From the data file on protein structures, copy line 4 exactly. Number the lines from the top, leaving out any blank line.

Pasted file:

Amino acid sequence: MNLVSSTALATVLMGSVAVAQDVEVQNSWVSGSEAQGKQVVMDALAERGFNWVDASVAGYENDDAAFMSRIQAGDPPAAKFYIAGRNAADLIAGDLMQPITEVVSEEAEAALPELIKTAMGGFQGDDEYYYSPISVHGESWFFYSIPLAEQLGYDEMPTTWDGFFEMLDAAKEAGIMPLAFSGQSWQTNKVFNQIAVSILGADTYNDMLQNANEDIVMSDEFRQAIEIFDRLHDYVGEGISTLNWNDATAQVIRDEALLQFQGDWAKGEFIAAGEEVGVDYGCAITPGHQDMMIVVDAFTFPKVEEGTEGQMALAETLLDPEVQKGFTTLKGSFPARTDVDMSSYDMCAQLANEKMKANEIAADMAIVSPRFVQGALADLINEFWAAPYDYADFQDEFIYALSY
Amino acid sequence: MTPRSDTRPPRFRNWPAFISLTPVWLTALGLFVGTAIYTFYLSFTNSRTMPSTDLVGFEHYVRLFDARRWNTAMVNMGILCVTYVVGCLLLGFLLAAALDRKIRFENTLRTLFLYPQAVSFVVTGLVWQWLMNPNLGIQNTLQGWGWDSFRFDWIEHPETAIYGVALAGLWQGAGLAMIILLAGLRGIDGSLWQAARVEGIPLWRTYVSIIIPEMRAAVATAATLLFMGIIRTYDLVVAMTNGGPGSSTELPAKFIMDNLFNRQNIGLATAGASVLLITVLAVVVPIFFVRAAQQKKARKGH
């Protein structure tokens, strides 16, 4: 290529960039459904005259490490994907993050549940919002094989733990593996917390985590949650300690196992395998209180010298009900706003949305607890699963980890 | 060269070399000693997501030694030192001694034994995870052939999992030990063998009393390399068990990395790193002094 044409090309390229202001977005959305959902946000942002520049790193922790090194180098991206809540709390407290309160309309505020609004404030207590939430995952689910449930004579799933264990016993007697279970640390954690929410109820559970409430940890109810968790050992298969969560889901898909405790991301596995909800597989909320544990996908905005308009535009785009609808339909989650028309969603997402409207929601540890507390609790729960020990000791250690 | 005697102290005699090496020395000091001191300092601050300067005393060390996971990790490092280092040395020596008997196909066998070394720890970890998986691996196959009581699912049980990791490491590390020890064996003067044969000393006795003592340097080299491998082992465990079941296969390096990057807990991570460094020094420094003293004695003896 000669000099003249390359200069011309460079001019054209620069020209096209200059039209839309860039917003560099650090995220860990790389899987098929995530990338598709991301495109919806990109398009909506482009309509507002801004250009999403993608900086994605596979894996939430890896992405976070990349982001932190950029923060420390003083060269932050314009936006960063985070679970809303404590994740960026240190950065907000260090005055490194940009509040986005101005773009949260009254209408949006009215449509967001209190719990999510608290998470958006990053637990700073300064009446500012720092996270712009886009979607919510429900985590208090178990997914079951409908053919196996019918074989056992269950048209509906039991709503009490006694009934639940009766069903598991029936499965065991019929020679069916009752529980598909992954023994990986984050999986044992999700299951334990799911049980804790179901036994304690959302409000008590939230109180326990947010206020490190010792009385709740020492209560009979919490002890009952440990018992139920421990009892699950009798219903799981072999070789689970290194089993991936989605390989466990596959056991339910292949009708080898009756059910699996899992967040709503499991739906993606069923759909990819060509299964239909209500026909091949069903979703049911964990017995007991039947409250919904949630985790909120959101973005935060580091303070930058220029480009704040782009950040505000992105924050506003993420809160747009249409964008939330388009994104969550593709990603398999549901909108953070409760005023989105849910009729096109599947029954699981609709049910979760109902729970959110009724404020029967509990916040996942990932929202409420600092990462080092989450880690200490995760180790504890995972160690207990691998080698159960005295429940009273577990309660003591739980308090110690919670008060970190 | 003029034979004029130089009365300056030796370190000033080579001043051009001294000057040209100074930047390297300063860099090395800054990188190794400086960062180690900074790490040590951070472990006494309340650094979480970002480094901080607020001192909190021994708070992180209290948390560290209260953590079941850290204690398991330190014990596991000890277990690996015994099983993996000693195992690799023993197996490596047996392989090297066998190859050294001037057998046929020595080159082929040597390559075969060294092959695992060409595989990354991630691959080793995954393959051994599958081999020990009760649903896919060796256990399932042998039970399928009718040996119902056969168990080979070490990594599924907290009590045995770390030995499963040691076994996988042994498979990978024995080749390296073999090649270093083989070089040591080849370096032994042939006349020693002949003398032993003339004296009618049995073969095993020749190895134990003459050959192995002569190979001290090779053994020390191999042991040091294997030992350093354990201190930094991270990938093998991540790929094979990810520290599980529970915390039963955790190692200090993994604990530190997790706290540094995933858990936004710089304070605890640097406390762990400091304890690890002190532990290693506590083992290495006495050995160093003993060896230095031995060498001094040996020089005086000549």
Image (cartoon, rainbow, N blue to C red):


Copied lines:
Image (cartoon, rainbow, N blue to C red):